A Flicker of Light in the Dark
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Faith’s dreams had been confusing for the last month or so. Her subconscious, or her Slayerness maybe, had been telling her that B was dead, but at the same time her instincts had told her to remain where she was. It hadn’t been until Angel had come for his weekly visit that her suspicions had been confirmed and he had told her that she was the only Slayer now.
They had proceeded to have a short, but low and intense, argument over whether or not she should stay in jail or break out. B’s absence was bound to be noticed pretty quickly over there. After all, the blonde Slayer had always done regular patrols in Sunnydale’s many and sundry cemeteries.
Faith had absently wondered if the other girl kept an eye on the obituaries or if she just made the rounds every night. She figured asking wouldn’t be appreciated right now.
The two of them had reached a compromise when Faith had suggested that Angel should contact Giles and hear if there was a need for a Slayer at the Hellmouth or not. There was a chance that B’s geeky sidekicks could handle things, and just call in Angel if they needed some extra muscle.
She probably shouldn’t have been so relieved when he returned a week later and told her that, according to the Watcher, Sunnydale was usually calm in the summer but, he would be in contact if they needed her help.
There had apparently been some questions about how she knew about B’s death and why she hadn’t left already, but the only answer she had was “I just know
”. Somehow she didn’t think Giles would be satisfied with that, but whatever.
This week’s visit from the vampire had been rescheduled since he was out of town, and her Monday evening had been taken up by exercise and the usual staring at the walls instead.
Tuesday, however, brought a surprise in the form of a letter. Faith frowned at it, she was pretty sure she wasn’t expecting anything. Not that she really got any mail, her lawyer and the freaky fan mail didn’t count, but hey, she wasn’t complaining. Almost anything was preferable to the monotony of the prison cell.
Her name and the address to the Facility were written in a definite male script, and when she flipped the envelope and read the return address she could feel her heart rate speed up. The addresser was a Jethro Gibbs, and beneath the name was an address in Washington, D.C.
She quickly tore open the flap of the envelope and pulled out a single piece of paper with the logo of something called “NCIS”. She peered closer and saw that it was an abbreviation for the Naval Criminal Investigative Service.
He was a Navy cop? What happened to being a Marine?
She sat back down on her bunk, pulled her feet up, and began reading. Faith, I don’t remember a Christine Rodriguez and I definitely don’t remember giving any girls my full name. However, I was in Boston around the time of your conception (Feb. 1980). Could you tell me more about why she thought I was your father, and why she didn’t contact me to find out for sure?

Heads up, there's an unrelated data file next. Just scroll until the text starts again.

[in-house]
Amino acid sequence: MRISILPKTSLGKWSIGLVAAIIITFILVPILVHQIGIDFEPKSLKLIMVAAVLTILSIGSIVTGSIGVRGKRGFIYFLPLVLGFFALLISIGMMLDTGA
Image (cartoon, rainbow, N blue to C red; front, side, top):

Faith grimaced a little. How was she supposed to tell a Federal Agent he had gotten an underage girl pregnant? Or maybe the better question was why he hadn’t looked at Christine’s date of birth. Gibbs was a G-Man, he should’ve checked.
She absently eyed the ceiling while she took a deep breath before continuing. A basic background search on you turned up two legal guardians who had custody of you after your mother’s death. Neither of them appears to be relatives, or even friends of your family. In fact they are both British Nationals who flew into the country right before they were given custody of you. Court records show that a Diana Dormer received emergency custody of you on March 16th, 1996 and that she lost it upon her death in October, 1998. Shortly afterwards it was granted to a Wesley Wyndham-Pryce, the same man you’re convicted of torturing and who testified in your defense, despite the fact that you were 18 years old at the time.
Faith cursed creatively. She should’ve known he would catch that.
Diana had explained the Council’s practice of taking full control of Potential Slayers on the day she moved in. That way they could dominate the girls’ entire life. What she ate, when she slept, how she exercised, what knowledge she was taught. Where she went at any given time and why she went there. The list was nearly endless and depressing as fuck.
The Watcher had attempted to manage Faith’s life, organize it into the schedule the Council had used on the Potentials for centuries with very few changes over the years.
Except that Faith was 16 and had been in charge of her own life for a long time and refused to be collard and go through obedience training with Diana Dormer and her Masters at the CoW holding the leash. And she told the woman as much.
There was no way she would allow the restrictions Dormer tried to impose on her. In the end they had found a middle ground; Faith got food, a roof over her head, and the freedom to go wherever she wanted in the evenings. In exchange Diana would be in charge of the mornings where she would teach Faith various combat styles, martial arts, melee weapons, and educate her on demons, vampires, and the Slayers that came before her. Why did you need a legal guardian when you were 18, and why is there no notification or explanation in your records? What happened to Miss Dormer?
Oh, G-Man, she thought, leave it alone. There’s nothing good down that way. In any case, I will come down to California if you agree to take a DNA test. Gibbs
Well, at least he seemed to have done his homework, she thought drily.